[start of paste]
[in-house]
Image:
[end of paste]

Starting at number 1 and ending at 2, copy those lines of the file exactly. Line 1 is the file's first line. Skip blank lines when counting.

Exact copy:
[in-house]
Image: